Career Key

Author: Career Key's President and CEO, Juliet Wehr Jones, GCDF, J.D.

Thursday, February 9, 2012

6 Critical Teamwork Job Skills and How to Develop Them

Teamwork job skills are necessary to getting hired, according to almost 80 percent of employers in the National Association of Colleges and Employers (NACE) Job Outlook 2012 survey. You need them, whether or not you are a “people person” and regardless of your career choice. The trick is to pick group activities you like with people holding similar interests to you. (Sound familiar? Think of people, leisure interests and work environments associated with your strongest Holland personality types)

So what are Teamwork Skills and how do you develop and use them in your career and job search?

First, read our quick overview of Foundation Skills and understand generally what they all are. You can download a free PDF of the 17 Foundation Skills for non-commercial use.   

In particular, look at the People Skills and the six “Teamwork” skills:
  1. Working cooperatively with others;
  2. Contributing to a group with ideas and effort;
  3. Doing your own share of work;
  4. Encouraging team members;
  5. Resolving differences for the benefit of the team; and
  6. Responsibly challenging existing procedures, policies, or authorities.

What kind of activities could you do to develop teamwork skills? Think about getting involved (if you aren’t already) in the community, a business, or in a school group. Here are some ideas to spark your creativity:
  • Business: Organize a small business – it could be baby-sitting, yardwork, or a website selling custom T-shirts.  Working in a business with someone else, no matter how small, requires all the teamwork skills.
  • Church: Participate in a team-oriented volunteer project in the community, help organize and put on holiday events, help supervise a donation drive (toys, food, diapers, etc).
  • Hobbies: If you like building (or the idea of) legos or robots, find a local group – sometimes sponsored by a large local employer, and join in to participate and help with contests and exhibitions, organize a scrapbook accessories exchange at a local scrapbooking store, join another bike fanatic/mechanic to organize a spring "DIY Bike Fix Up" clinic.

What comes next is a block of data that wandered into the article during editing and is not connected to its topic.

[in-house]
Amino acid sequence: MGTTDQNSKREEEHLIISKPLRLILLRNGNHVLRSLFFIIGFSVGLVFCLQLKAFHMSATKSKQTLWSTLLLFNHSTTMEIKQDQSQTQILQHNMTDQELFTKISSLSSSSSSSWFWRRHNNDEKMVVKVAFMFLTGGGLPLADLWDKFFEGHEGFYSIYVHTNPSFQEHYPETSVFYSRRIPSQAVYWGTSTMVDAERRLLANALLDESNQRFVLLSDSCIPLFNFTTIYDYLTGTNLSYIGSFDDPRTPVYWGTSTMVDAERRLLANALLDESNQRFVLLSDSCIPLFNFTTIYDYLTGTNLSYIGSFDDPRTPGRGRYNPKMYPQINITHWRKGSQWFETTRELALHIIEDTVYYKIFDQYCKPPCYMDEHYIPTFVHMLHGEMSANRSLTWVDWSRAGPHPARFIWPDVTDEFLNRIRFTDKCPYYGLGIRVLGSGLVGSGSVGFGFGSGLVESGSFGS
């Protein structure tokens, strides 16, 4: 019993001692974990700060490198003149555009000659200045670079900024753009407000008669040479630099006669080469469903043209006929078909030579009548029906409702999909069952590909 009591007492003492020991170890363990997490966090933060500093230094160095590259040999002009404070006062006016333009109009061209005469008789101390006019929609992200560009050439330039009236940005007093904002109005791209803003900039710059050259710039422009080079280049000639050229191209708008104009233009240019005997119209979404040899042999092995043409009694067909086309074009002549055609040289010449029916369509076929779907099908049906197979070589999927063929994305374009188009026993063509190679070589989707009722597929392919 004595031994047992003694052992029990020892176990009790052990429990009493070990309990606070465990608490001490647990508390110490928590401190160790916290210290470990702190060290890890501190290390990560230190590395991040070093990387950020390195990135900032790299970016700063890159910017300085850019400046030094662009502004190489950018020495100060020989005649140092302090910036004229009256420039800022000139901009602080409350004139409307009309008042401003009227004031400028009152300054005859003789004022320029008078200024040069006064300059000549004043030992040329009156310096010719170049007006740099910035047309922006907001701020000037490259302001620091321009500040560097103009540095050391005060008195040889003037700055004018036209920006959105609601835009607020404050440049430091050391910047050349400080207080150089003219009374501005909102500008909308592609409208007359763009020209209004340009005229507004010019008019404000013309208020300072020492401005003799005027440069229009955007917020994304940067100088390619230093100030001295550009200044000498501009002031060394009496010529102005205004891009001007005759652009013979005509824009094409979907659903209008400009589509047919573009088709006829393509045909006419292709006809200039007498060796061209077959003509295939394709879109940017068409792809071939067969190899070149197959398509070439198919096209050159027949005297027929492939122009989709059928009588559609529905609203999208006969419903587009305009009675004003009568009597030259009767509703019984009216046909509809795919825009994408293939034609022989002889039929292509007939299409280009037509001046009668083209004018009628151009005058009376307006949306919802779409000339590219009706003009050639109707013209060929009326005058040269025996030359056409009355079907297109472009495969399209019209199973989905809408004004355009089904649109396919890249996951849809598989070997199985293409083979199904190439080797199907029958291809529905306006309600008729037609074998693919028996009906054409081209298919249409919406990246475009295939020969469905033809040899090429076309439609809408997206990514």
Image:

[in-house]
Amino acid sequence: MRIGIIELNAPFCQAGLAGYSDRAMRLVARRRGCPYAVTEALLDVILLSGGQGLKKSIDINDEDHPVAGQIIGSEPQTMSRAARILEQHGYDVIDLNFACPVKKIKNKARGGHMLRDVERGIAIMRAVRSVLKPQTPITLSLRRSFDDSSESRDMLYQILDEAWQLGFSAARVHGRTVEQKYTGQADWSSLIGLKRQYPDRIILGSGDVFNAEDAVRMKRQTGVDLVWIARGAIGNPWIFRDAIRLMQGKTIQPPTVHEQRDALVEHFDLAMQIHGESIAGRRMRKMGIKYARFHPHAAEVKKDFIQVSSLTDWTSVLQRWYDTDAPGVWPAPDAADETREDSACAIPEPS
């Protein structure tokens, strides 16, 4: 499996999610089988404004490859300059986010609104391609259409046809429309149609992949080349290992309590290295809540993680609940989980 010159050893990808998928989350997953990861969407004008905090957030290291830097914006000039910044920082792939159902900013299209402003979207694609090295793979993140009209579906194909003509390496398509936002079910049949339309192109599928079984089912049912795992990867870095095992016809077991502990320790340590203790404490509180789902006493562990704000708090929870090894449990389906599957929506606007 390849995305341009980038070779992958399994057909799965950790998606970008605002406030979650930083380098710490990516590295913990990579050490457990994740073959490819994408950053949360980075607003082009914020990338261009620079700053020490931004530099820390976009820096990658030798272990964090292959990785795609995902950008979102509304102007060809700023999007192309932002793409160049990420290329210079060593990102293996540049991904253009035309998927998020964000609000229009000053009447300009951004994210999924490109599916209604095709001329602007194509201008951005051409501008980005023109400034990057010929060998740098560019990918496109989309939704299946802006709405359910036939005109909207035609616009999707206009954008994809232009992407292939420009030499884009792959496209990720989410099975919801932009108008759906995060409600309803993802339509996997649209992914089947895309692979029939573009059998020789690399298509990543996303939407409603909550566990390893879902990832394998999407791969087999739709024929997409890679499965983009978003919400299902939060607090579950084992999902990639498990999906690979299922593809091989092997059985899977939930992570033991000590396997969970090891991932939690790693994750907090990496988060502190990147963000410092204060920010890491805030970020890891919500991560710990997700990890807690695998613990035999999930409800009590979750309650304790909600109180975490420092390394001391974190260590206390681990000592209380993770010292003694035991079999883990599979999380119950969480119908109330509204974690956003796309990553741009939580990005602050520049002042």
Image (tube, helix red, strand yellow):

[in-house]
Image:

• Sports: Get a group together for a charity run or walk, Serve as a volunteer coach for kids’ sports, help organize meets and games, fundraise for a charity league, participate in a school or master’s level sport.
  • Music: Form a band, organize and give (free, fundraising) concerts or help musicians do so, volunteer for a music therapy program.
  • School: Do a group project - either as a class assignment or create one, get involved in student government, start a new club, participate in service learning or volunteer groups, join a peer mentoring or tutoring group.
  • Obstacle course or Outward Bound-type program.

BONUS: Many of these activities also help you develop other Foundation People Skills like Social, Negotiation, Leadership, and Cultural Diversity skills.

Once you develop teamwork skills, learn how to talk about them in a job or internship interview using the “PAR” method. Practice with another person or in front of a mirror how you would talk about your skills with an interviewer.

For more job skills help at The Career Key website, visit these articles:

Friday, February 3, 2012

Personality-College Major Match Research in NCDA's February Career Convergence

The National Career Development Association (NCDA) looks at "personality-college major match" in the February issue of its web magazine Career Convergence, in the feature article, "Research Reveals that Personality-Major Match Strengthens Students' College Success."  In it, Career Key author Dr. Lawrence K. Jones, NCC describes the impact that personality and Holland's college major environments have on college performance.

The article also refers to two important, free white papers in an e-book format that explain the research and how to apply it to career and education decisions: